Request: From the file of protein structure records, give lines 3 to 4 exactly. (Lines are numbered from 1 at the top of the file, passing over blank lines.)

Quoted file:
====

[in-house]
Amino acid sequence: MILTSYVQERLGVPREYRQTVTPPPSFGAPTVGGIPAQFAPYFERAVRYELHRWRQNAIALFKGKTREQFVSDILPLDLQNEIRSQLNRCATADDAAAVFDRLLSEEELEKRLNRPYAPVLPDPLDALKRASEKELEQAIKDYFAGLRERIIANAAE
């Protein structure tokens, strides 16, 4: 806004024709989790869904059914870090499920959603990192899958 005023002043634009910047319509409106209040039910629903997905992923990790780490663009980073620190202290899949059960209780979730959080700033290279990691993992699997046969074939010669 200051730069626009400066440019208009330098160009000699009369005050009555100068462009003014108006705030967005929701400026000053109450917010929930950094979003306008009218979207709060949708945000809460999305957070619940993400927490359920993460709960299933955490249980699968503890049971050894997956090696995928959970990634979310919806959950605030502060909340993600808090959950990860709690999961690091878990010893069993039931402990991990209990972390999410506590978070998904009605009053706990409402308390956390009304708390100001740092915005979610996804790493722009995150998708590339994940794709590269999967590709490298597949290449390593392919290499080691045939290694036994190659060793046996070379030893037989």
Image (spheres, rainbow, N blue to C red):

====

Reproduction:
């Protein structure tokens, strides 16, 4: 806004024709989790869904059914870090499920959603990192899958 005023002043634009910047319509409106209040039910629903997905992923990790780490663009980073620190202290899949059960209780979730959080700033290279990691993992699997046969074939010669 200051730069626009400066440019208009330098160009000699009369005050009555100068462009003014108006705030967005929701400026000053109450917010929930950094979003306008009218979207709060949708945000809460999305957070619940993400927490359920993460709960299933955490249980699968503890049971050894997956090696995928959970990634979310919806959950605030502060909340993600808090959950990860709690999961690091878990010893069993039931402990991990209990972390999410506590978070998904009605009053706990409402308390956390009304708390100001740092915005979610996804790493722009995150998708590339994940794709590269999967590709490298597949290449390593392919290499080691045939290694036994190659060793046996070379030893037989």
Image (spheres, rainbow, N blue to C red):